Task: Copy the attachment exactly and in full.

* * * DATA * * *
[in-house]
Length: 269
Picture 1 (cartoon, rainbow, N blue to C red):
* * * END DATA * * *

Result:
[in-house]
Length: 269
Picture 1 (cartoon, rainbow, N blue to C red):